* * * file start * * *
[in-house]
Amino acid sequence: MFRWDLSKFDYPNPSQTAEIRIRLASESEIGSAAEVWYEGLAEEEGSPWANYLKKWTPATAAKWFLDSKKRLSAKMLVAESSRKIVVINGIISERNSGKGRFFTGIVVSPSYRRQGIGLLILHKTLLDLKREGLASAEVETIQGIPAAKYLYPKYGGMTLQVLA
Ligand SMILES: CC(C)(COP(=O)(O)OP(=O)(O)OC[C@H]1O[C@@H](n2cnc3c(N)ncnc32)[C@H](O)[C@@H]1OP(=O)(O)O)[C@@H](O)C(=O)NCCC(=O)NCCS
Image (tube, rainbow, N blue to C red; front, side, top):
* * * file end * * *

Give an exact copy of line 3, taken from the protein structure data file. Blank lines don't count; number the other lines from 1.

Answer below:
Ligand SMILES: CC(C)(COP(=O)(O)OP(=O)(O)OC[C@H]1O[C@@H](n2cnc3c(N)ncnc32)[C@H](O)[C@@H]1OP(=O)(O)O)[C@@H](O)C(=O)NCCC(=O)NCCS